And to say “the Springs” has long maintained a strong Hollywood connection is an understatement. After a two-hour drive from L.A., once you pass the energy-saving windmills on its outskirts, you might exit at Bob Hope, go by Ginger Rogers and Gerald Ford until you hang a turn onto Frank Sinatra. Or, you could fly into the no-fuss, no-muss international airport, rent a car, then take Kirk Douglas to Gene Autry. You don’t find a whole lot of streets out here named 34th or Elm or Oak.
A “walk of stars” in downtown Palm Springs salutes celebs by the hundreds. A tour bus stops by homes that the famous owned. The futuristic one Bob Hope owned above Highway 111 — the 23,366-square-foot, nine-bath, two-pool manse — went on sale in 2013 for a low, low starting price of $50 million.
A cemetery in Cathedral City is the final resting place for Sinatra, William Powell, Betty Hutton and scores of others, right across the street from a mausoleum with the crypts of Rock Hudson, Jane Wyman, Shore and more. A variety of casinos offer gambling along with big-name entertainment. The elegant McCallum Theatre concert hall and a few smaller clubs often offer performers whose mere presence will either put a smile on your face or make you go: “I had no idea he was still alive!” (Or she.)
My favorite local entertainment?
I must admit, I was unable to resist The Fabulous Palm Springs Follies, a star-spangled combo of vaudeville and burlesque, funny and corny and classy and sassy, with dancers aged 55 to 84, some in sexy showgirl garb. Your genial host: Riff Markowitz, who heckled me mercilessly from the stage when I made the mistake of sitting in the front row. I laughed my seat off. Alas, after so many packed shows, the Follies announced it would forever close on May 18 of this year, lining up the great Maureen McGovern and Darlene Love as featured singers for its final days. If it isn’t too late to save it and let the show go on, somebody please do.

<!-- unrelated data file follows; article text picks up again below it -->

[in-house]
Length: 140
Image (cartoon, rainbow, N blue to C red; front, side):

Living in the Springs was a kick. I miss it. I miss envying the Bentleys and the Aston Martins driven by people who never needed to be concerned about snow or rust. I miss listening to the British-lilted voice of Don Wardell on his eclectic KWXY radio show. (My last time in town, his program opened with Nat King Cole at the Sands, followed by the Perry Mason TV theme song.) I miss Olde English theme restaurants like Lord Fletcher’s and Lyons English Grille. I’m still unsure why Palm Springs types seem to have such an affinity for prime rib, Yorkshire pudding and kidney pie.
I miss the palms, dates, cactus and wildlife, including those cute roadrunners I beeped my car’s horn at, but not those wily coyotes who occasionally showed up in the same neighborhood. (Honest. We had both.)
Maybe I should move back. The temperature might hit 120 this summer, but, hey, some like it hot.
MIKE DOWNEY, a regular contributor to American Way, wrote about the legendary Cassius Clay/Sonny Liston fight in the Feb. 15, 2014, issue.